The federal government is preparing to sell spectrum in the 1800MHz, 2GHz, 2.3GHz and 3.4GHz bands that failed to sell at previous auctions.
Communications minister Senator Mitch Fifield announced today that the government would scrap previous allocation limits in the 2GHz band, allowing all Australia’s telcos to bid for the spectrum. Limits will be retained in the 1800MHz band (no allocation limits apply in the 2.3GHz and 3.4GHZ bands).
The decision on spectrum allocation limits was in line with advice from the Australian Competition and Consumer Commission.
“While spectrum is an essential input into mobile services, the relevant holdings are dispersed and the amount of spectrum available is not significant,” the ACCC said in its advice to the government.
The existing limits in the 1800MHz band — which largely rule out Telstra or Optus picking up more spectrum in the band — promote competition, the ACCC said.
“The ACCC considers current allocation limits in the 1800 MHz band are sufficient to promote competition as they would allow VHA or TPG to acquire spectrum in the Mackay area where they currently do not have any spectrum holdings in the 1800 MHz band,” the ACCC said.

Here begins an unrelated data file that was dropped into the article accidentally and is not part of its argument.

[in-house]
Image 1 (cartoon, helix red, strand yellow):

“We also consider that Telstra and Optus hold sufficient spectrum in the 1800 MHz band such that each company is unlikely to be constrained in the mobile broadband market if they did not acquire further 1800 MHz spectrum in the omnibus spectrum auction.”
Telstra and Optus between them picked up the majority of regional spectrum on offer in the 2016 auction of 1800MHz spectrum.
A single auction will be conducted for all of the residual spectrum later this year. The auction will be conducted by the Australian Communications and Media Authority.
Selling the residual spectrum will make for a smoother transition to the government’s proposed new spectrum licensing framework, the government said.
In May government launched a consultation on reforms that it says will modernise and simplify Australia’s spectrum management framework, including an exposure draft of the Radiocommunications Bill 2017.
Fifield has said that spectrum reform will help boost the rollout of 5G services in Australia.
- Victoria appoints first information commissioner
- ASD seeks exec to lead investigations of cyber intrusions
- Queensland government eyes ‘digital by default’
- Telstra receives fewer requests for ‘metadata’
- Data61 plans to commercialise secure Cross-Domain Desktop Compositor
- WA funds Office of the Government CIO for another year
- ACMA set to speed up release of 5G-friendly spectrum
- Slater and Gordon could lead class action against Vocus